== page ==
S Korea on Alert over Residues in Duck Meat

SOUTH KOREA - The import of heat-processed duck meat from China has been suspended after low levels of the antibiotic, chloramphenicol, were discovered in one consignment.
calendar icon 26 May 2009
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Import of Chinese heat-processed duck meat has been suspended after the discovery of a antimicrobial substance that can cause a fatal condition known as aplastic anaemia in humans, the government said yesterday, reports Yonhap.

The National Veterinary Research and Quarantine Service (NVRQS) said it found 1.0 parts per billion of Chloramphenicol in a 3.8 ton shipment of meat from a Chinese meat exporter.

It said the ban will be imposed until Henan Huangchuan Huaying Poultry Corporation-Meat Products Co. can determine the exact cause of the contamination and ensure that tainted meat is not shipped to South Korea in the future.

Because the meat packer is the only company that ships heat-processed duck meat to South Korea, the ban will effectively halt all imports of the product. The company shipped 363 tons worth of duck meat this year.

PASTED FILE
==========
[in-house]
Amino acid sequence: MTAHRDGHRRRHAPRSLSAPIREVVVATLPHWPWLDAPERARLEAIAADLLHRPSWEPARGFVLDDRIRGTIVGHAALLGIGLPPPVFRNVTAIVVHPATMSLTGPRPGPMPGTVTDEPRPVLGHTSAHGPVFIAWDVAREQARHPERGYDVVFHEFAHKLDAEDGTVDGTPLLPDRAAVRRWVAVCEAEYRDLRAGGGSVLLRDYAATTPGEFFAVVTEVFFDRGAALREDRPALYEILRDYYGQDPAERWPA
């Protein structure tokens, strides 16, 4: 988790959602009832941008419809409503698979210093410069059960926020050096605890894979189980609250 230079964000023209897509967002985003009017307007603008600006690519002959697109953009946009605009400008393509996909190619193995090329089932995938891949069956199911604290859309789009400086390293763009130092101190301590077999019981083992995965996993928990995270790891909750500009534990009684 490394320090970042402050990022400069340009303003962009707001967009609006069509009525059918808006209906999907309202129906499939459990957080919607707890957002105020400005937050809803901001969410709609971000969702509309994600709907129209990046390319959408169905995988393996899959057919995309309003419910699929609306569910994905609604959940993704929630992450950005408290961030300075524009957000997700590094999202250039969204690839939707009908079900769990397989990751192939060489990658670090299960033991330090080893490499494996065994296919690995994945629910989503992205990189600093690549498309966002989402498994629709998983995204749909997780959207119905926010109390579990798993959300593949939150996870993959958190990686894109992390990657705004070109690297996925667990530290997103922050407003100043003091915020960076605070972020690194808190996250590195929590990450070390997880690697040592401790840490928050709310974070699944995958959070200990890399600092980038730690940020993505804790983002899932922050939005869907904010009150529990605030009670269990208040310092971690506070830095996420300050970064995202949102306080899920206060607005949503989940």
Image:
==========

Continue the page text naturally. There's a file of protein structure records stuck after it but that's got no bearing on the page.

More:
NVRQS added that for products that are already in transit, no quarantine inspections will be carried out, while the 190 tons that are held in customs must undergo detailed examinations to check for any traces of the drug.

Chloramphenicol is used to treat human patients but has been banned from livestock use since 1991 because it can cause aplastic anaemia and childhood leukaemia on rare occasions, according to Yonhap. Aplastic anaemia is a condition that occurs when your body stops producing enough new blood cells. There is no known cure for the condition. It is almost always fatal and can affect people weeks and months after having been exposed to the drug.

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